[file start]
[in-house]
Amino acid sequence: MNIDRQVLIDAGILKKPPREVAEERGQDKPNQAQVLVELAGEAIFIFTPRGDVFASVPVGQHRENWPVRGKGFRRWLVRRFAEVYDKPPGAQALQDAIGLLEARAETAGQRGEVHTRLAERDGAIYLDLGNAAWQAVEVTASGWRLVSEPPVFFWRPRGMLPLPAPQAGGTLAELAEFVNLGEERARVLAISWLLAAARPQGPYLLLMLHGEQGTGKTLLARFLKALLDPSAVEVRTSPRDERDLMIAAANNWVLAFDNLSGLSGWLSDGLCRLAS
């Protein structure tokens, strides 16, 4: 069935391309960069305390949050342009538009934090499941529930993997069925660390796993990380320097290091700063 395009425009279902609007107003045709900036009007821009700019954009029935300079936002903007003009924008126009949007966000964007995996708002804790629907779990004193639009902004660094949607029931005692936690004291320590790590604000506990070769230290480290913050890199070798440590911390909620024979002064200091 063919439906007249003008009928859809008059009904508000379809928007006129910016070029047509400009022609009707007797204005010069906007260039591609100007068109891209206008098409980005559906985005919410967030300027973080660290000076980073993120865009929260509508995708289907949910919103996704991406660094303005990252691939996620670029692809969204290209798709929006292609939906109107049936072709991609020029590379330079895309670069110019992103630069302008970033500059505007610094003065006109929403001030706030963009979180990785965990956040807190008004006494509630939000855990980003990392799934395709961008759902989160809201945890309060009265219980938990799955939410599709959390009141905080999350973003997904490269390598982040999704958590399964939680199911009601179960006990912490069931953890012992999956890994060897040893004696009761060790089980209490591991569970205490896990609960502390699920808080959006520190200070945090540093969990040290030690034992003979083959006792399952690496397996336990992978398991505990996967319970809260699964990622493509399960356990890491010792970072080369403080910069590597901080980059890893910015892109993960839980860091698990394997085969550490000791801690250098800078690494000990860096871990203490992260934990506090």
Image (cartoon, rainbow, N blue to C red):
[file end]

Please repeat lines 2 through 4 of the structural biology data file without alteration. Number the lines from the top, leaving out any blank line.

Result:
Amino acid sequence: MNIDRQVLIDAGILKKPPREVAEERGQDKPNQAQVLVELAGEAIFIFTPRGDVFASVPVGQHRENWPVRGKGFRRWLVRRFAEVYDKPPGAQALQDAIGLLEARAETAGQRGEVHTRLAERDGAIYLDLGNAAWQAVEVTASGWRLVSEPPVFFWRPRGMLPLPAPQAGGTLAELAEFVNLGEERARVLAISWLLAAARPQGPYLLLMLHGEQGTGKTLLARFLKALLDPSAVEVRTSPRDERDLMIAAANNWVLAFDNLSGLSGWLSDGLCRLAS
């Protein structure tokens, strides 16, 4: 069935391309960069305390949050342009538009934090499941529930993997069925660390796993990380320097290091700063 395009425009279902609007107003045709900036009007821009700019954009029935300079936002903007003009924008126009949007966000964007995996708002804790629907779990004193639009902004660094949607029931005692936690004291320590790590604000506990070769230290480290913050890199070798440590911390909620024979002064200091 063919439906007249003008009928859809008059009904508000379809928007006129910016070029047509400009022609009707007797204005010069906007260039591609100007068109891209206008098409980005559906985005919410967030300027973080660290000076980073993120865009929260509508995708289907949910919103996704991406660094303005990252691939996620670029692809969204290209798709929006292609939906109107049936072709991609020029590379330079895309670069110019992103630069302008970033500059505007610094003065006109929403001030706030963009979180990785965990956040807190008004006494509630939000855990980003990392799934395709961008759902989160809201945890309060009265219980938990799955939410599709959390009141905080999350973003997904490269390598982040999704958590399964939680199911009601179960006990912490069931953890012992999956890994060897040893004696009761060790089980209490591991569970205490896990609960502390699920808080959006520190200070945090540093969990040290030690034992003979083959006792399952690496397996336990992978398991505990996967319970809260699964990622493509399960356990890491010792970072080369403080910069590597901080980059890893910015892109993960839980860091698990394997085969550490000791801690250098800078690494000990860096871990203490992260934990506090």
Image (cartoon, rainbow, N blue to C red):